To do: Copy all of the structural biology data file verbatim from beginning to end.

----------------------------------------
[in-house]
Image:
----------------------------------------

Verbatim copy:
[in-house]
Image: